There are reasons to believe that Roma he claims to have been Volksdeutsche were German or Polish Sinti or Roma brought to Lemberg by tragic fate. It seems more probable that the former would be de facto treated as Volksdeutsche because this had occurred in other districts of the GG. As for Lemberg, Mieczysław Goman, a Roma boy who spent extended periods of time in wartime Lemberg, recalls “German Gypsies” (niemieckie Cygany) who enjoyed good relations with “the German commandant,” whom they bribed with gold and Persian carpets. Consequently, they were safe from the local Nazis and could help Polish Roma. The “German Gypsies” lived in the town’s centre, while Polish Roma lived in former Jewish houses or on the town’s peripheries. Those areas the Germans would rather not visit due to high security risks, Goman recalls. Zaderecki’s and Goman’s accounts sound plausible. There were Sinti and Roma in Lemberg coming from the territories annexed to the Reich, including parts of Poland that belonged to Germany prior to the First World War. They were likely to have been among the Polish citizens deported from those territories in 1939-41, amounting to over 360,000 persons, most of them from Wielkopolska and Pomerania. Although not necessarily German, they might have known the language due to the proximity of the border and their roots in Kaiser Germany. Maria Kwiatkowska, who, just as Goman did, lived temporarily in Lemberg, recalls “German Gypsies” being better off. There were indeed Roma and Sinti from the Reich in Lemberg. One finds Pohl Gaja, born in Breslau (Wrocław), supposedly a Hungarian citizen, in 1944. Oskar Janosch was using his Reich German passport when pretending to be a Security Police officer and extracting fines from Poles at Lemberg railway station in May 1942. The last two cases show that Sinti and Roma from the Reich, with good mastery of German, were living in Lemberg during the Nazi occupation. They back up the accounts of Zaderecki, Goman, and Kwiatkowska, and confirm a possibility of “the German Gypsies” supporting their Polish compatriots.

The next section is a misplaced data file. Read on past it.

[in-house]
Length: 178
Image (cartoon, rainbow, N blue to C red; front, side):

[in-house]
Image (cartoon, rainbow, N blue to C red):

Lemberg as a Refuge
From interviews collected by the USC Shoah Foundation Institute, one learns that Roma lived mainly in the Lemberg hamlets of Zamarstynów and neighbouring Zniesienie, where there traditionally had been Roma settlements. For instance, Gypsy Street (Cyganówka) appears on the wartime map of Lemberg and remains to this day. A police report from May 1944 refers to Zamarstynów as “the district where Gypsies live.” In 1944, houses on Szpitalna Street south of Zamarstynów were said to be “massively populated” by Roma. Several Roma—at least during a transitional period—lived in their wagons in Kleparów and Zamarstynów. In December 1941, a local newspaper noted that Roma “again” had appeared in town.
In the testimonies, one finds indications of a push and pull effect on the migration to Lemberg. The former was a result of persecution experienced in the District of Cracow and the countryside, while the latter was a result of the rumour that Lemberg could offer viable shelter. Bronisława Siwak recalls persecution in the area of Jarosław and Przemyśl, and a train trip to Lemberg, which she had to leave once the persecution began there, too. No less dramatic was the journey of Franciszka Siwak. Her family was hiding in the woods before being taken to a camp when passing Tarnów in the District of Cracow. Her parents were killed, and she was handed over to her maternal grandparents. Her sisters stayed with their aunts in Szczurowa, where they were all murdered in 1943. Franciszka arrived in Lemberg by train with her grandmother.
Ludwik Doliński recalls that his family had the opportunity to rest in Lemberg after being on the run for a long time. Fleeing persecution, they arrived in Lemberg crossing through Tarnów, Bochnia, and Dębica. His family stayed in Zamarstynów and Kleparów. His father and brothers played music for German soldiers at the casino, while he roamed the streets begging, claiming he came “from the other side” (the ghetto). According to Mieczysław Goman, there were more than one hundred Roma hiding in Lemberg, mainly in abandoned houses once occupied by Jews. Antonina Bogdanowicz recalls staying with her family in Zamarstynów in Lemberg, where many Roma lived. Maria Kwiatkowska claims that Lemberg saved her family and that Roma there supported each other and warned each other of danger. While the push effect rested upon persecution experienced in other districts and in the countryside, the pull effect depended on the actual possibility of survival and higher chances of doing so thanks to mutual support.